- 8 May 2013
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Many organizations are becoming increasingly global. To support these efforts, they have established multiple sites or locations—manufacturing plants, branch and regional sales offices, distribution warehouses and national, regional, and even global headquarters—that may be distributed within a country, a region, or around the world.
As organizations expand into new territories, they face a number of operational challenges. They need to adapt to the business rules of foreign countries, including government regulations, reporting requirements and variations in tax and labor laws. They must accommodate multiple languages, multiple currencies and varying local best practices. And because companies operating in multiple countries are required by law to create separate legal entities, inventory transactions become more complex with intercompany movements being treated as purchases and sales between legal entities.
Cre8tive Technology & Design (www.ctnd.com) will be posting a three-part series on “Choosing the Right ERP Solution to Support a Global Business”
Part One Each Business Unit Chooses its Own Solution
Part Two Consolidating the Entire Business on a Single ERP Solution
Part Three Using a Combined Solution
Part One – Each Business Unit Chooses its Own Solution
As they grow, many organizations allow each regional office or business unit to choose the most appropriate system. For example, local offices each typically use their own accounting systems to support their local practices. These systems rarely communicate with each other. Businesses rely instead on external systems, such as spreadsheets or hard copy reports, to consolidate management and financial information. Alternatively, many organizations acquire multiple ERP systems as a result of mergers and acquisitions.
The advantage of each division or unit choosing its own solution is that it can select the application on its merits. Most specialized systems have a simple, generic core that is adapted to meet specific customer requirements. This tailoring provides a very tight fit with the organization’s business needs. Local systems may also be significantly less expensive to implement and support than large systems designed for a global organization.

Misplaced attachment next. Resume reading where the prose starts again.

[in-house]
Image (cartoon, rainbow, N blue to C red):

The disadvantage of having different applications for each unit is that data is in different formats with different identifiers, inconsistent master data, varying time periods and so on. This makes it difficult to deliver consolidated figures for the business as a whole that can be traced back to the original transaction. Although integration can enable the necessary consolidation, the cost of integration is typically very high. Additional drawbacks include the fact that local systems are unable to deliver the benefits of standardization across the global enterprise; organizations end up with a hodgepodge of systems, all needing support, maintenance, training, and frequently different skill sets. This redundancy leads to higher overall operating costs. Extensive customization can also make it difficult to upgrade or modify the systems later on.
As a result, many organizations are moving away from the practice of allowing individual business units to select and implement their own local applications.
From an Epicor White Paper
Epicor Software Corporation is a global leader delivering business software solutions to the manufacturing, distribution, retail, and service industries. With more than 40 years of experience, Epicor has more than 20,000 customers in over 150 countries. Epicor solutions enable companies to drive increased efficiency and improve profitability. With a history of innovation, industry expertise, and passion for excellence, Epicor inspires customers to build lasting competitive advantage. Epicor provides the single point of accountability that local, regional, and global businesses demand. For more information, visit www.epicor.com.